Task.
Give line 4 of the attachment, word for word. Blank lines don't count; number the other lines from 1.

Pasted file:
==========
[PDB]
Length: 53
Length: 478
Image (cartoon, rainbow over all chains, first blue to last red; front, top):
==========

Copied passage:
Image (cartoon, rainbow over all chains, first blue to last red; front, top):